Wednesday was museum day, which was super fun for me and evil torture for the kids, mwahahaha! We went to the National Gallery first, which is a giant art museum, and spent the entire morning roaming the building. It was a little much, even for me. By the end, when we were looking at Van Gogh’s Sunflowers, the kids were slumped on the bench, or the floor, looking like they wanted to die. After a lunch in the square, we headed off to the National History Museum, with my feet throbbing and my caffeine addiction giving me a phenomenal headache. We abandoned the kids to the dinosaurs and we teachers found a ton of coffee. (Sidenote: British coffee is TERRIBLE!! As in, I had to drink Starbucks all week, because it was the BEST I could find in the entire city!!) Upon leaving the cafe to hunt down our bratlings, we found them collapsed on a bench, not 10 feet from where we’d left them. Special…
“You didn’t see anything?”
“No. No, we see things,” they insisted. “But we tired now.”
Whatever kids.
After being completely museumed out, we went in search of food. Or rather beer, because we only had a short time before our musical started, an the place my co-workers headed, after dumping the kidlies, was a pub. Yum yum British beer! We then made it to the theater to see Shrek; yes, Shrek is a musical now. And they show it on Drury Lane, perfect (if you don’t get the joke, you fail). It was epic, pretty hilarious: Farquad was fabulous (in more ways than one) and they had the dragon SING!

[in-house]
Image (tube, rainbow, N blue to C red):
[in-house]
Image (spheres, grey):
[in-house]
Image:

My sleepy self made it back to the hotel, completely wiped out and not sure which direction was up…

Thursday morning I decided that I couldn’t stand another 16 hour day of babysitting or I was going to snap and shove all of the kids into the Thames. So I begged off the trip to some science museum and headed off in search of coffee and shopping. I found myself in Camden Town, which is huge, epic version of the Saturday Market, complete with all the freaks and weirdos that you can find in London. I made friends with people selling cool clothes and spent too much money on street food. After getting all shopped out, I headed back to the center to meet up with my responsibilities in time for our tour of Westminster Abbey. I found everyone hiding from the rain next to a grocery store.
The Abbey itself was interesting, though completely overcrowded. I nerded out over the Poet’s Corner, naturally.
We then went on the London Eye, which is a giant Ferris Wheel thing right off the Thames. Apparently the locals think it’s ugly as f**k, but as long as tourists will pay 20 bucks a person, it’s going to be around. Now, I loathe Ferris Wheels with a passion; they irrationally creep me out. However, I went up in this thing, which is enough like a Ferris Wheel to annoy me and make me nervous, even though we were in a bubble with absolutely NO WAY for me to fall out. However, the view was definitely worth dealing with my paranoia.

Friday was British Museum Day! Which means, 6 hours in a museum looking at all the things England “obtained” from other countries over the centuries. Fascinating really, ancient creepy mummies and Easter Island statues, as well as pretty much anything the British Empire could get its sticky fingers on. I “lost” the kids pretty early on, and enjoyed my museum without the addition of grumpy teenagers. I kind of fail as a chaperone, I guess…